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This article is part of a larger article titled "100+ Healthiest Foods On Planet Earth."  Read it here.

Garlic Nutritional Information (per 100g)

Water: 58.6 g
Calories: 149 kcal
Protein: 6.4 g
Carbohydrate: 33.1 g
Dietary fiber: 2.1 g
Sugars: 1 g
Fat: 0.5 g
Saturated fat: 0.1 g
Polyunsaturated fat: 0.2 g
Vitamin C: 31.2 mg
Vitamin B1: 0.2 mg
Vitamin B2: 0.1 mg
Vitamin B3: 0.7 mg
Vitamin B6: 1.2 mg
Vitamin B9: 3 μg
Vitamin E: 0.1 mg
Vitamin K: 1.7 μg
Calcium: 181 mg
Iron: 1.7 mg
Magnesium: 25 mg
Phosphorus: 153 mg
Potassium: 401 mg
Sodium: 17 mg
Zinc: 1.2 mg

Apart from being used to scare off vampires, garlic has also been used as a medicinal food for centuries. Hippocrates, who is considered one of the most important figures in modern medicine, used it to treat toothaches and chest pain.

Garlic is a part of the allium family and is related to onions and leeks. Due to its incredibly strong taste, people don’t tend to eat it on its own; it is usually used as a base ingredient in a large number of dishes instead.

For 149 calories (per 100g) it provides 52% of your RDA of vitamin C, 60% of your RDA of Vitamin B6 and also contains decent amounts of manganese, calcium and potassium.

Scientific studies have proved that garlic can help boost your immunity; having a strong immune system means that you are less susceptible to colds and the common flu. If you do end up getting the flu, add lots of garlic to your diet – it has been shown to reduce the number of days you spend sick in bed.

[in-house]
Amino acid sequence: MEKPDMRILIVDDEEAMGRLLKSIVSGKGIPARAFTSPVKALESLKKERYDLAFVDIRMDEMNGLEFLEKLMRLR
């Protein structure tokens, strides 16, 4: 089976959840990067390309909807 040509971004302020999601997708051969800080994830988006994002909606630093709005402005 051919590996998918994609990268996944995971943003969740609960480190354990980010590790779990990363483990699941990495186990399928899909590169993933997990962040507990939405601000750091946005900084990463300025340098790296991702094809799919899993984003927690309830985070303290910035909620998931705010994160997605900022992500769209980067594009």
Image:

The main active medicinal compound in garlic is known as Allicin. Research was carried out where rats were fed a diet high in fructose (a type of sugar), to make them fat. Some rats were then fed allicin, whilst they kept consuming the fat inducing diet. The results showed that these rats stopped gaining weight, whereas the others continued to do so. Even though this test was carried out on rats, garlic may have the same effects on humans, on a smaller scale.

Other studies carried out on humans have also found that garlic supplementation can lower blood pressure levels; this is particularly important for people who suffer from hypertension. This study found that garlic at high doses was as effective as Atenolol, a drug used to treat hypertension. Of course, if you do suffer from hypertension, never change or stop taking medication without speaking to a health professional first!

Apart from the above advantages, garlic can also help reduce LDL cholesterol, improve athletic performance and is rich in antioxidants, which may help prevent Alzheimer’s disease and dementia.